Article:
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Consistent adherence to guidelines improves opioid dependent patients' first year outcomes.

Trafton JA, Humphreys K, Harris AH, Oliva E. Consistent adherence to guidelines improves opioid dependent patients' first year outcomes. The journal of behavioral health services & research. 2007 Jul 1; 34(3):260-71.

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Abstract:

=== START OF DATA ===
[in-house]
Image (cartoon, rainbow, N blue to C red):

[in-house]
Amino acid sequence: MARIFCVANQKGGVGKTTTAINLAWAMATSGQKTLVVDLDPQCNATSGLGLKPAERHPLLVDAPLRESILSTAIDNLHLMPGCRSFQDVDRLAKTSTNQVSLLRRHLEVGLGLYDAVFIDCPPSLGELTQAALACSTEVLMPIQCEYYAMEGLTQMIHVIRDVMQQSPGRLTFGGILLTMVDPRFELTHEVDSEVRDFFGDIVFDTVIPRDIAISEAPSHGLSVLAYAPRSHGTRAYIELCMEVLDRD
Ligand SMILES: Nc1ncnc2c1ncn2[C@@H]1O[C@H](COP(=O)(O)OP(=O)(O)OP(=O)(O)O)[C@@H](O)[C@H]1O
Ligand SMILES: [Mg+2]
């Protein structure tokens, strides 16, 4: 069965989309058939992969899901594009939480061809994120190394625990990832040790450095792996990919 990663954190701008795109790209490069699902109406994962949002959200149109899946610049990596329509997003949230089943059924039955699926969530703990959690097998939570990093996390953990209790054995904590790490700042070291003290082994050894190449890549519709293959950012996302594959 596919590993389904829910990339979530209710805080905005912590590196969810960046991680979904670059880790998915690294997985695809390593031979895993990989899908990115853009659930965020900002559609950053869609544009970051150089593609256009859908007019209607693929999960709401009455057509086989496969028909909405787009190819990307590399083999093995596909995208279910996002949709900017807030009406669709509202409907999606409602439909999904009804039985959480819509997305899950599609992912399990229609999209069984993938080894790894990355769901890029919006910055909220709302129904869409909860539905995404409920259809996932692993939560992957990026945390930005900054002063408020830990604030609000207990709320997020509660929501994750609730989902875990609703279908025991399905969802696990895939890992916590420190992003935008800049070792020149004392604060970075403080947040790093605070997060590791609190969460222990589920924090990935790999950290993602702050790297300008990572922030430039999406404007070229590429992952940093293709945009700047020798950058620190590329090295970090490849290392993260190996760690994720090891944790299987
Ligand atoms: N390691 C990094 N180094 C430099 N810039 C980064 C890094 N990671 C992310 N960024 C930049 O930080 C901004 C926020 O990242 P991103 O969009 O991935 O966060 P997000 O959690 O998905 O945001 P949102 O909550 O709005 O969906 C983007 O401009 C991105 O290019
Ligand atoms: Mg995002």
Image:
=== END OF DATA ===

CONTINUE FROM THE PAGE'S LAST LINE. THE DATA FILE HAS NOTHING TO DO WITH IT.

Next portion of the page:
Clinical practice guidelines for opioid substitution treatment (OST) for opioid dependence recommend that patients receive at least 60 mg daily methadone and have access to a broad array of psychosocial services. However, there is still wide variation in clinical practice in OST clinics. In real-world settings, patients could receive lower methadone doses and less psychosocial care because they require less intensive care for recovery; alternatively, barriers to delivery of guideline concordant care could limit treatment received and impair recovery. The Multisite Opioid Substitution Treatment (MOST) study examines the impact of more consistent adherence to guideline recommendations in eight Veterans Affairs OST clinics. While patients at all clinics demonstrated improvements in substance use over the first year in treatment, patients at clinics that more consistently adhered to guidelines had greater reductions in heroin and cocaine use and greater improvement in mental health. These results suggest that efforts to increase guideline adherence in OST will improve patient outcomes.





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